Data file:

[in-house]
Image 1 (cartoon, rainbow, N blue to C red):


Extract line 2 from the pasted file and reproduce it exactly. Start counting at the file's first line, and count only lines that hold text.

Image 1 (cartoon, rainbow, N blue to C red):